Contents related to "Acceptance"

  • Oxford Guidance on the Law Relating To Humanitarian Relief Operations In Situations of Armed Conflict

    Library Document | January 5, 2017

    In armed conflicts across the world, millions of civilians need emergency assistance to survive, but all too often fighting parties prevent this relief from reaching them. The Oxford Guidance on the Law Relating to Humanitarian Relief Operations in Situations of Armed Conflict both provide a firm understanding of the relevant rules designed to allow the delivery of assistance and enhance policy-making and advocacy to improve humanitarian access.

  • Gender Diversity Dynamics in Humanitarian Negotiations: The International Committee of the Red Cross as a Case Study on the Frontlines of Armed Conflicts

    Library Document | January 3, 2017

    Negotiations for access are crucial for the success of humanitarian operations. They also occur in contexts of armed conflict and violence that typically entrench gender identities. Building on the vast research showing that gender affects the conduct and outcome of negotiations, this paper explores gender dynamics in a humanitarian setting.

  • Addressing Security and Human Rights Challenges in Complex Environments Toolkit Third Edition

    Library Document | January 3, 2017

    The Toolkit is structured around challenges related to the issues of working with host governments, public security forces and private security providers. It is a good practice guide, with tools, templates and case studies, aimed at project level implementation.

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    Counter-terrorism Legislation and NGO Security Risk Management

    News Item | December 22, 2016

    In November, EISF attended a two-part expert roundtable at Chatham House that discussed the challenges NGOs face when working with non-state armed groups, in particular given the impact of counter-terrorism legislation. This is a brief summary of the key points raised and some of the implications counter-terrorism legislation has on the security risk management of NGOs.

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    Counter-terrorism Legislation and NGO Security Risk Management

    News Item | December 22, 2016

    In November, EISF attended a two-part expert roundtable at Chatham House that discussed the challenges NGOs face when working with non-state armed groups, in particular given the impact of counter-terrorism legislation. This is a brief summary of the key points raised and some of the implications counter-terrorism legislation has on the security risk management of NGOs.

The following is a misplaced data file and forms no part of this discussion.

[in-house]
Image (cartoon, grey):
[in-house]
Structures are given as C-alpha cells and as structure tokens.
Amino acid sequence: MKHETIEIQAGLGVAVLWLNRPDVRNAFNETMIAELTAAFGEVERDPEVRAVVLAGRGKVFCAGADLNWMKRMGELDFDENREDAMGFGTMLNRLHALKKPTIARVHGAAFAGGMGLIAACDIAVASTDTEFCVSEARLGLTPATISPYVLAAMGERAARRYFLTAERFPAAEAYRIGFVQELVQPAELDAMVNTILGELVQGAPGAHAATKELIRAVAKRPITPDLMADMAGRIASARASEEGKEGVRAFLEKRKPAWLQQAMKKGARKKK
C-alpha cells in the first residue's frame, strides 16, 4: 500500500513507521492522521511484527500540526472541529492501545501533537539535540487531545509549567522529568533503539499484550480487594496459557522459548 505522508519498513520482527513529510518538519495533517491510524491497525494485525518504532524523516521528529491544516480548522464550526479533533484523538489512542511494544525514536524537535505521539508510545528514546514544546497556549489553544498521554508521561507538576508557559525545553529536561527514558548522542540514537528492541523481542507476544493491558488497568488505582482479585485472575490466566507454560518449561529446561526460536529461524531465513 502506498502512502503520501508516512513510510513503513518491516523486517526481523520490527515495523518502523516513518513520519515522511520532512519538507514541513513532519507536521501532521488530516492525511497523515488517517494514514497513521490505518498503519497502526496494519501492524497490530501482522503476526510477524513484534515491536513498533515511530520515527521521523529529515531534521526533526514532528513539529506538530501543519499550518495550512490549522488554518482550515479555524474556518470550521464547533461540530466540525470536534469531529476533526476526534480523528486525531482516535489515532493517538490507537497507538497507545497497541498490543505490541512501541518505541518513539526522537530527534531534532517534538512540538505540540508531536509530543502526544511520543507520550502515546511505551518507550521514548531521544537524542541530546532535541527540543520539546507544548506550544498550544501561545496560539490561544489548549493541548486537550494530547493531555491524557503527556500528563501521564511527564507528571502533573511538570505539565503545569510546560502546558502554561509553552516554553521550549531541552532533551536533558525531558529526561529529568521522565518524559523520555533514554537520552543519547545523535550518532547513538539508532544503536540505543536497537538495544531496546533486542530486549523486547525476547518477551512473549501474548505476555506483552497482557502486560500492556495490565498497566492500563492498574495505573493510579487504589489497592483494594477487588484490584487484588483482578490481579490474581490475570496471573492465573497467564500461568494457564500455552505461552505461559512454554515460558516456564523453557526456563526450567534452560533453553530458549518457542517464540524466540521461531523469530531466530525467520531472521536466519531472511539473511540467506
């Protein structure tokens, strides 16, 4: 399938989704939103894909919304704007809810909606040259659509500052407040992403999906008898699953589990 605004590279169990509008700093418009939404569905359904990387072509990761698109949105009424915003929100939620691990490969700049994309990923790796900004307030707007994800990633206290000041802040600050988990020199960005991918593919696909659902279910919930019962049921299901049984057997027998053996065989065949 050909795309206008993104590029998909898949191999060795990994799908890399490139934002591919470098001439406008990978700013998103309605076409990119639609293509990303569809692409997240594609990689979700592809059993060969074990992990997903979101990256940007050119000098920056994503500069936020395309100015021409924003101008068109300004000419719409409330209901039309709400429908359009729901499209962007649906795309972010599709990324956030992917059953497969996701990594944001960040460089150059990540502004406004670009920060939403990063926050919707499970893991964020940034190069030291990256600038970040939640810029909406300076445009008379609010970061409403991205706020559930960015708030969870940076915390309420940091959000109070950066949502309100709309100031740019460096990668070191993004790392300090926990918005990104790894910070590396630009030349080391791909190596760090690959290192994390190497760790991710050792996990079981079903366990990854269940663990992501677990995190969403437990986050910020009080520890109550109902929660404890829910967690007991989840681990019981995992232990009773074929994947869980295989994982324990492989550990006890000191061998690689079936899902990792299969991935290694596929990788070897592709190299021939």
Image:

• Challenges to Principled Humanitarian Action: Perspectives from Four Countries

    Library Document | December 6, 2016

    The humanitarian principles — humanity, impartiality, neutrality and independence — are under increased scrutiny and pressure. The purpose of this paper is to contribute to an increased understanding of the perceived and actual challenges humanitarians face in operational contexts as they apply the principles.

  • From face-to-face to face-to-screen: remote management, effectiveness and accountability of humanitarian action in insecure environments

    Library Document | August 25, 2016

    This article provides a first attempt at analysing the complex set of issues around remote management practices in insecure environments and their increased use.

  • In their words: Perceptions of armed non-state actors on humanitarian action

    Library Document | June 6, 2016

    This study by Geneva Call aims to contribute to a better understanding of armed non-state actors’ (ANSAs) perceptions of humanitarian action. Based on consultations held with nineteen ANSAs in eleven countries, this study presents key findings on issues varying from ANSAs’ understandings of humanitarian action to their acceptance of humanitarian principles and IHL.

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    Time for a Humanitarian Black Box?

    News Item | November 23, 2015

    At least sixteen hospitals were bombed in Syria, Afghanistan and Yemen over the past few weeks. Powerful nations carried out the aerial bombing campaigns that damaged infrastructure and killed humanitarian staff and civilians. However, the circumstances are usually disputed. Perhaps it is time the humanitarian community installed black boxes to record such events? This article presents a device that records forensic evidence of what happened where, when and who did it. It is a call to the humanitarian community to take part in generating the evidence that will force states to take their responsibilities in protecting humanitarian work seriously.

  • Restoring Humanity: Synthesis of the Consultation Process for the World Humanitarian Summit

    Library Document | October 12, 2015

    The Synthesis Report captures the results of a worldwide consultation process involving those affected by humanitarian emergencies, governments, civil society, humanitarian organizations, the private sector and other partners. The paper aims to lay the foundations of the debate at the World Humanitarian Summit.